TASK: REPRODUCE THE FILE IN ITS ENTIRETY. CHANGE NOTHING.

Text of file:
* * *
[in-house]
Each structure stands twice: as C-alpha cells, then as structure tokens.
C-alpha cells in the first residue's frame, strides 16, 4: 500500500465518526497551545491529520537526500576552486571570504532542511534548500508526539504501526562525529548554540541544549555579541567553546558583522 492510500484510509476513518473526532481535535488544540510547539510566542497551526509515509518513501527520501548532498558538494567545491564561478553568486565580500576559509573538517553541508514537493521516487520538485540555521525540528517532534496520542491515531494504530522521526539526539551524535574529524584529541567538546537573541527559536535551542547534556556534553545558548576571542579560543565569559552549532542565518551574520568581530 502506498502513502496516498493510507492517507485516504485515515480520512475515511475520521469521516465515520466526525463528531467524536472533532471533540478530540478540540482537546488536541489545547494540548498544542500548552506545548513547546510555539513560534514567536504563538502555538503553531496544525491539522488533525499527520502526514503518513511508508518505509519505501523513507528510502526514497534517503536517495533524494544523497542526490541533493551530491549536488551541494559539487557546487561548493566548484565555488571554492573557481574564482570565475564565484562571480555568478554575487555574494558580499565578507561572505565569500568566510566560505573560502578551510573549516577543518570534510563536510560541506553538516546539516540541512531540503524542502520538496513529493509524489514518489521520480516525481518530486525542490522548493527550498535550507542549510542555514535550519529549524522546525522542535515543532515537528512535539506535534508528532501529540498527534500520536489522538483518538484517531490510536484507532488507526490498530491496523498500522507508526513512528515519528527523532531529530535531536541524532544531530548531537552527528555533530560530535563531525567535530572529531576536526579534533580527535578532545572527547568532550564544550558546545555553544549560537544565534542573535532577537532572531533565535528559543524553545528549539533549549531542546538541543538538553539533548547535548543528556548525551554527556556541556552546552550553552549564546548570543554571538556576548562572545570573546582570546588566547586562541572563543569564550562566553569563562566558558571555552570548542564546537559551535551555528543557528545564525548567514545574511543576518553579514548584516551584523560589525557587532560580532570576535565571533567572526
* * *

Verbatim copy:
[in-house]
Each structure stands twice: as C-alpha cells, then as structure tokens.
C-alpha cells in the first residue's frame, strides 16, 4: 500500500465518526497551545491529520537526500576552486571570504532542511534548500508526539504501526562525529548554540541544549555579541567553546558583522 492510500484510509476513518473526532481535535488544540510547539510566542497551526509515509518513501527520501548532498558538494567545491564561478553568486565580500576559509573538517553541508514537493521516487520538485540555521525540528517532534496520542491515531494504530522521526539526539551524535574529524584529541567538546537573541527559536535551542547534556556534553545558548576571542579560543565569559552549532542565518551574520568581530 502506498502513502496516498493510507492517507485516504485515515480520512475515511475520521469521516465515520466526525463528531467524536472533532471533540478530540478540540482537546488536541489545547494540548498544542500548552506545548513547546510555539513560534514567536504563538502555538503553531496544525491539522488533525499527520502526514503518513511508508518505509519505501523513507528510502526514497534517503536517495533524494544523497542526490541533493551530491549536488551541494559539487557546487561548493566548484565555488571554492573557481574564482570565475564565484562571480555568478554575487555574494558580499565578507561572505565569500568566510566560505573560502578551510573549516577543518570534510563536510560541506553538516546539516540541512531540503524542502520538496513529493509524489514518489521520480516525481518530486525542490522548493527550498535550507542549510542555514535550519529549524522546525522542535515543532515537528512535539506535534508528532501529540498527534500520536489522538483518538484517531490510536484507532488507526490498530491496523498500522507508526513512528515519528527523532531529530535531536541524532544531530548531537552527528555533530560530535563531525567535530572529531576536526579534533580527535578532545572527547568532550564544550558546545555553544549560537544565534542573535532577537532572531533565535528559543524553545528549539533549549531542546538541543538538553539533548547535548543528556548525551554527556556541556552546552550553552549564546548570543554571538556576548562572545570573546582570546588566547586562541572563543569564550562566553569563562566558558571555552570548542564546537559551535551555528543557528545564525548567514545574511543576518553579514548584516551584523560589525557587532560580532570576535565571533567572526